MANDATORY HEALTH INSURANCE: LESSONS FROM MASSACHUSETTS
October 14, 2009
The success or failure of the Massachusetts mandatory health insurance program has been closely monitored as a harbinger of future outcomes for a nationwide move in this direction, but to date, the results have been mixed, says economist Craig J. Richardson.
While the reform seems to have reduced the number of uninsured, it has also created incentives for costs to rise even faster. Richardson gives a summary of some of the reasons:
- Massachusetts' expenditures on its health care initiative have been discounted by 50 percent, thanks to matching funds from the federal government, which has encouraged a rapid increase in state expenditures.
- Growing burdens on businesses have meant that an increasing number are choosing to steer their employees into the state-subsidized system rather than provide health insurance themselves; in addition some will hesitate to expand beyond 10 employees when faced with the cost of providing health insurance or state penalties.
- Consumers of health insurance over certain income ranges have strong incentives to earn less money in order to qualify for more generous subsidies.
Mandatory health insurance may improve access, but the nut has not yet been cracked to solve the second and now more pressing problem of efficiency and containment. The case of Massachusetts offers cautionary lessons for the United Sates as the Obama administration seeks wide-ranging reforms that move more in the direction of mandatory health insurance, says Richardson:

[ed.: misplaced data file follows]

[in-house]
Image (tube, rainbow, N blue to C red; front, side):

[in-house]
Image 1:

- Keen attention needs to be paid to the distortionary effect of regulations on individual and firm incentives.
- The need to balance out the costs versus the benefits to society of a subsidized program.
- The need to recognize the difficulty of creating a subsidized program that does not encourage people to earn less -- ironically the programs get more expensive as the work incentives improve.
Source: Craig J. Richardson, "Mandatory Health Insurance: Lessons from Massachusetts," Cato Journal, Vol. 29/2, Spring/Summer 2009.
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